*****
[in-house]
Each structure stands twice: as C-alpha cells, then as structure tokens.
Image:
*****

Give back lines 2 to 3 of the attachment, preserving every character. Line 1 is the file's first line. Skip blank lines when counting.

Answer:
Each structure stands twice: as C-alpha cells, then as structure tokens.
Image: